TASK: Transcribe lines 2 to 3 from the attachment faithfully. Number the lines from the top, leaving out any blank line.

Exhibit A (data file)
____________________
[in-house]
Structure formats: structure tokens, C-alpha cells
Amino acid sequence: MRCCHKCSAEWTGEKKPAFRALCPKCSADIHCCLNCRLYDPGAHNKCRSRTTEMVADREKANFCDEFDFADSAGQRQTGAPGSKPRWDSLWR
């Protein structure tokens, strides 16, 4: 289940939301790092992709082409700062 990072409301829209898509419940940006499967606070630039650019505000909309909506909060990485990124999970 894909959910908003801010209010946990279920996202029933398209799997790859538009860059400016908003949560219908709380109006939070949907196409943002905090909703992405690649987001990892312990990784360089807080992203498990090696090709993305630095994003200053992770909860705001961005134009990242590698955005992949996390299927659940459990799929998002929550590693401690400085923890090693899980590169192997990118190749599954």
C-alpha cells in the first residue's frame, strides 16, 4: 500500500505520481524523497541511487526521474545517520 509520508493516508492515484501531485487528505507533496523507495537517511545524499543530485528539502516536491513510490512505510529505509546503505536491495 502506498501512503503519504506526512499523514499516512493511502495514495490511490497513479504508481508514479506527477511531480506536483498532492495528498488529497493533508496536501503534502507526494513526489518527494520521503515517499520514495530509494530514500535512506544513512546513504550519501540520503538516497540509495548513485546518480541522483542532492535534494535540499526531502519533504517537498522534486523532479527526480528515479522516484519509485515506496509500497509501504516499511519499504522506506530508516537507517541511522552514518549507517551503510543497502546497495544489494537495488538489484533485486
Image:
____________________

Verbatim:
Structure formats: structure tokens, C-alpha cells
Amino acid sequence: MRCCHKCSAEWTGEKKPAFRALCPKCSADIHCCLNCRLYDPGAHNKCRSRTTEMVADREKANFCDEFDFADSAGQRQTGAPGSKPRWDSLWR